City on a Hill: Capitol-izing on commuters

March 4, 2010

After two snow storms crippled the District, MSNBC pundit Chris Matthews had a question to pose on Hardball: “Why can’t the people who run this city deal with February?” Matthews went on to say D.C. “looked like Siberia without the Siberian discipline” and complained about—horrors!—needing an SUV to reach his studio.

Matthews’s commute was especially long because he lives in Montgomery County, Md. That means that, whatever you think of his argument that the District should always be prepared for once-in-a-century snow, the tax burden of that preparation wouldn’t fall on Matthews.

Like the estimated 300,000 other commuters from Virginia and Maryland who work in the District, Matthews doesn’t pay local income tax in Washington on the income he earns here. They don’t support the many services they enjoy while working in D.C., including police, road maintenance, and yes, snow removal. It’s time for D.C. to keep some of the money generated in the city with a commuter tax, in the form of a tax levied on all incomes earned in the District.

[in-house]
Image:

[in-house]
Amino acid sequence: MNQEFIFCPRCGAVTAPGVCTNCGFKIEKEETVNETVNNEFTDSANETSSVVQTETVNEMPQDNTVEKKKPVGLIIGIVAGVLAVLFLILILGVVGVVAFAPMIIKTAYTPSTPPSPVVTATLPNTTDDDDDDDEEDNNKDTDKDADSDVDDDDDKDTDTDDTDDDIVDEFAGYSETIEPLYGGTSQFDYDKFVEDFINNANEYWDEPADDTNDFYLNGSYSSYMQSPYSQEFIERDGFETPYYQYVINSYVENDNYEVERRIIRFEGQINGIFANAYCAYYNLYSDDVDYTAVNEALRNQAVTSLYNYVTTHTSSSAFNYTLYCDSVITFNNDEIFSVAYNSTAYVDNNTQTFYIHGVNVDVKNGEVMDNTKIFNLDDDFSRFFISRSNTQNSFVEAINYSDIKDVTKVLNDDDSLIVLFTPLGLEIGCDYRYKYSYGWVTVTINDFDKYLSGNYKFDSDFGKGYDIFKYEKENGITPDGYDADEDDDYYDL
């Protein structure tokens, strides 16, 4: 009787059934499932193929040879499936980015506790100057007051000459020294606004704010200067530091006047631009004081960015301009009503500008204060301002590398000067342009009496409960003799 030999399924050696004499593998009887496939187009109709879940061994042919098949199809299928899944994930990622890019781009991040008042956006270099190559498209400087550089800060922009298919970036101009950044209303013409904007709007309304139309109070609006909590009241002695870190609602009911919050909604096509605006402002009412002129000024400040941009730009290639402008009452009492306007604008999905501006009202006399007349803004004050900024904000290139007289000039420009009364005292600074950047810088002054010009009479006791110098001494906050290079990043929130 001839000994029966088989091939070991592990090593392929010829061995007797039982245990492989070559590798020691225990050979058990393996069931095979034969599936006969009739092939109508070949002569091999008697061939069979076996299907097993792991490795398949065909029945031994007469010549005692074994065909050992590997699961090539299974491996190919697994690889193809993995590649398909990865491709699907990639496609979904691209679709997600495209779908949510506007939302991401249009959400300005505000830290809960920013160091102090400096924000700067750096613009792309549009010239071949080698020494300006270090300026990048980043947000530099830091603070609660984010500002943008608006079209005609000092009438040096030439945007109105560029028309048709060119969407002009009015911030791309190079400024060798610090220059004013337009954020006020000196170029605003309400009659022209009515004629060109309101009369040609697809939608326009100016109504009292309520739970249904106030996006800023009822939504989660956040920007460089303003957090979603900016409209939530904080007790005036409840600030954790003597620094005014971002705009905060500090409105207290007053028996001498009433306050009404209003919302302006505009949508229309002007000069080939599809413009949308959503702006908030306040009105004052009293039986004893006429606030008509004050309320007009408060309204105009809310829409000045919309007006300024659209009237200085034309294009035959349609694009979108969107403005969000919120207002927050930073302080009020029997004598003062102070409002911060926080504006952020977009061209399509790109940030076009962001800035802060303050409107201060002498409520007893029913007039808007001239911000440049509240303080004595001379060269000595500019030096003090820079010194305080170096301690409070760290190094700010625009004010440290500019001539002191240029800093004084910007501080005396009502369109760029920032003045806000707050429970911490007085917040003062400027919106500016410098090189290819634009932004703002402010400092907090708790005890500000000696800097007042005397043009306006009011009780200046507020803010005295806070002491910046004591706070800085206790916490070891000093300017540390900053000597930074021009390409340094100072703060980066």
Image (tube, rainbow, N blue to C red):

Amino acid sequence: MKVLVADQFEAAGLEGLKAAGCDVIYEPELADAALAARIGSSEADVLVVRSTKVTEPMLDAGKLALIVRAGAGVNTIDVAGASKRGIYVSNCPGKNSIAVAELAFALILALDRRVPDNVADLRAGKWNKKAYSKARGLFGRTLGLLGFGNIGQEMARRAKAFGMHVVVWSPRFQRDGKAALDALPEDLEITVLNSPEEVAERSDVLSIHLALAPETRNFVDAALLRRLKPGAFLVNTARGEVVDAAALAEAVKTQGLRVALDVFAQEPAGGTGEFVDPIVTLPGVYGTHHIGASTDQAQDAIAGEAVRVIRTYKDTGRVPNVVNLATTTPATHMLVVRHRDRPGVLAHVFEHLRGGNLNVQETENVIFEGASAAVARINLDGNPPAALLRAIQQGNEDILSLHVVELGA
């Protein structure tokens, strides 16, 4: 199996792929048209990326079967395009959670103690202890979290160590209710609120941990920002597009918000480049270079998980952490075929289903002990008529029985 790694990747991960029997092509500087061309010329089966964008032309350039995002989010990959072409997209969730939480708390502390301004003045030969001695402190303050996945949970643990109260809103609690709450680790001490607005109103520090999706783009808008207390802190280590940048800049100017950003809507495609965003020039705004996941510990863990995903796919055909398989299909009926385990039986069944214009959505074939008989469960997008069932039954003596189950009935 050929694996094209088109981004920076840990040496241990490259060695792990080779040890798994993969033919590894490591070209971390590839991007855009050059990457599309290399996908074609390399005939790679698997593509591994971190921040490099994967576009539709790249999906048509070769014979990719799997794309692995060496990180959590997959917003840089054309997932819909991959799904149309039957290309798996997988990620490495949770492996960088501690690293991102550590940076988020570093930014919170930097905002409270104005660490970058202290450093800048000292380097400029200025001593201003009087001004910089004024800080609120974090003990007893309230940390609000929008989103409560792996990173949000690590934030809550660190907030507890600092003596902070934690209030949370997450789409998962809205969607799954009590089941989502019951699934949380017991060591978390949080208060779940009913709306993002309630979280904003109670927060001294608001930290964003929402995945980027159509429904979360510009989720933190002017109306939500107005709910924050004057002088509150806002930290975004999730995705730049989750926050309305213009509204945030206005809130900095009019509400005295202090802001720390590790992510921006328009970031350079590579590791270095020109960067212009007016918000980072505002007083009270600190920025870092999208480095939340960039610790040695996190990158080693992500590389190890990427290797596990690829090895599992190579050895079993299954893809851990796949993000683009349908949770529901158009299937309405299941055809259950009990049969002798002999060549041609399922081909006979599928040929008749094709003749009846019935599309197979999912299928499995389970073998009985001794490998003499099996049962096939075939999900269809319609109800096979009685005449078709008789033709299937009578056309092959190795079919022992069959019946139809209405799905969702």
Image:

Without taxing commuters, District residents face a massive tax burden. The U.S. Census Bureau estimated that D.C. had almost 600,000 residents last summer. In 2005, city officials estimated that 300,000 workers commute to the city from the suburbs. That means Washington residents are forced to subsidize government services used by a group half their size.

The idea of a commuter tax, catnip to District residents tired of subsidizing their suburban colleagues, isn’t without precedent. Philadelphia taxes income earned by suburbanites, and New York City had a commuter tax during the 1990s.

Like many good ideas in this town, it’s threatened by the Home Rule Act, a pact made with that devil otherwise known as Congress in 1973.  Home Rule essentially gives Congress veto power over any new District laws and has prevented the District government from imposing a commuter tax.  In 2004, District activists tried to impose a commuter tax anyway, but their attempt was rejected by a federal court.

Until Washington gets true congressional representation, the outlook for a commuter tax is bleak. Someday, though, D.C. might actually receive the estimated $1.4 billion it loses annually in tax revenue from commuters, and that would truly send a thrill up every resident’s leg.

Want to play some real Hardball? E-mail Will at

City on a Hill is a bi-weekly column about D.C. news and politics.


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